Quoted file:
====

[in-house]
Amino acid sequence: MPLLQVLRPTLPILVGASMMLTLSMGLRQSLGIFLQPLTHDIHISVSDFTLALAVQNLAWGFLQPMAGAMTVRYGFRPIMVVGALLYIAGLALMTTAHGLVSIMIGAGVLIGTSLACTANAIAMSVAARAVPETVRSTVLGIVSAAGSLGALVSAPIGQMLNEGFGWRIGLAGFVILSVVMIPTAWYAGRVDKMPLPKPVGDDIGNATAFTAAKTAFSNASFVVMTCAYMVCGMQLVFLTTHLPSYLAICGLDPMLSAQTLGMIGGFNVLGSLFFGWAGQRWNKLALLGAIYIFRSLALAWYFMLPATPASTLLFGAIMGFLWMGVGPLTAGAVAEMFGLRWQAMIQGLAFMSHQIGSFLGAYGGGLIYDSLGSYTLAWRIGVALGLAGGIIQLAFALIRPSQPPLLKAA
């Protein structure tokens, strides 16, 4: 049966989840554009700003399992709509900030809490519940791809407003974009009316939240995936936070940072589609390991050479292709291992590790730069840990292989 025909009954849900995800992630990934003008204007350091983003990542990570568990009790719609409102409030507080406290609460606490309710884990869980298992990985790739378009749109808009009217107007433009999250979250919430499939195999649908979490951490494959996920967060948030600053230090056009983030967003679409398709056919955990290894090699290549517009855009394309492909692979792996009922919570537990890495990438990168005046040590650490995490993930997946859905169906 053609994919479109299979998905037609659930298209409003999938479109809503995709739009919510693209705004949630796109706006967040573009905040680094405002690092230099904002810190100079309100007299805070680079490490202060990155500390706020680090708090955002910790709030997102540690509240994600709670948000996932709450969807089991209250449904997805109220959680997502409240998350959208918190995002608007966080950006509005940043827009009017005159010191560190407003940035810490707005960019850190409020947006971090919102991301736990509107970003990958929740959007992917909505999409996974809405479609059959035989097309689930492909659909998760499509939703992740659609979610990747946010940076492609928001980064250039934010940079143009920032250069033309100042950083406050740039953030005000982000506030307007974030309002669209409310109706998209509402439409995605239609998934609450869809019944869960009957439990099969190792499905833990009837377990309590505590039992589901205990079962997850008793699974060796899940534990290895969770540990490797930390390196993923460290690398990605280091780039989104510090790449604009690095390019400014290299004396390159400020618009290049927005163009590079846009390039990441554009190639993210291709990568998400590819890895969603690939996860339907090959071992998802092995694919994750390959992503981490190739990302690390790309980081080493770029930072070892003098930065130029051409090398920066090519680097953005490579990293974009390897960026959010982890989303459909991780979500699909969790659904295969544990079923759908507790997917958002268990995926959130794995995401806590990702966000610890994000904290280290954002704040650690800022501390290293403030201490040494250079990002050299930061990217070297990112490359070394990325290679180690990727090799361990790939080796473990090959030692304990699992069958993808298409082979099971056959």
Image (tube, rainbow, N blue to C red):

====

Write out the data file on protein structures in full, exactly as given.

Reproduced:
[in-house]
Amino acid sequence: MPLLQVLRPTLPILVGASMMLTLSMGLRQSLGIFLQPLTHDIHISVSDFTLALAVQNLAWGFLQPMAGAMTVRYGFRPIMVVGALLYIAGLALMTTAHGLVSIMIGAGVLIGTSLACTANAIAMSVAARAVPETVRSTVLGIVSAAGSLGALVSAPIGQMLNEGFGWRIGLAGFVILSVVMIPTAWYAGRVDKMPLPKPVGDDIGNATAFTAAKTAFSNASFVVMTCAYMVCGMQLVFLTTHLPSYLAICGLDPMLSAQTLGMIGGFNVLGSLFFGWAGQRWNKLALLGAIYIFRSLALAWYFMLPATPASTLLFGAIMGFLWMGVGPLTAGAVAEMFGLRWQAMIQGLAFMSHQIGSFLGAYGGGLIYDSLGSYTLAWRIGVALGLAGGIIQLAFALIRPSQPPLLKAA
């Protein structure tokens, strides 16, 4: 049966989840554009700003399992709509900030809490519940791809407003974009009316939240995936936070940072589609390991050479292709291992590790730069840990292989 025909009954849900995800992630990934003008204007350091983003990542990570568990009790719609409102409030507080406290609460606490309710884990869980298992990985790739378009749109808009009217107007433009999250979250919430499939195999649908979490951490494959996920967060948030600053230090056009983030967003679409398709056919955990290894090699290549517009855009394309492909692979792996009922919570537990890495990438990168005046040590650490995490993930997946859905169906 053609994919479109299979998905037609659930298209409003999938479109809503995709739009919510693209705004949630796109706006967040573009905040680094405002690092230099904002810190100079309100007299805070680079490490202060990155500390706020680090708090955002910790709030997102540690509240994600709670948000996932709450969807089991209250449904997805109220959680997502409240998350959208918190995002608007966080950006509005940043827009009017005159010191560190407003940035810490707005960019850190409020947006971090919102991301736990509107970003990958929740959007992917909505999409996974809405479609059959035989097309689930492909659909998760499509939703992740659609979610990747946010940076492609928001980064250039934010940079143009920032250069033309100042950083406050740039953030005000982000506030307007974030309002669209409310109706998209509402439409995605239609998934609450869809019944869960009957439990099969190792499905833990009837377990309590505590039992589901205990079962997850008793699974060796899940534990290895969770540990490797930390390196993923460290690398990605280091780039989104510090790449604009690095390019400014290299004396390159400020618009290049927005163009590079846009390039990441554009190639993210291709990568998400590819890895969603690939996860339907090959071992998802092995694919994750390959992503981490190739990302690390790309980081080493770029930072070892003098930065130029051409090398920066090519680097953005490579990293974009390897960026959010982890989303459909991780979500699909969790659904295969544990079923759908507790997917958002268990995926959130794995995401806590990702966000610890994000904290280290954002704040650690800022501390290293403030201490040494250079990002050299930061990217070297990112490359070394990325290679180690990727090799361990790939080796473990090959030692304990699992069958993808298409082979099971056959």
Image (tube, rainbow, N blue to C red):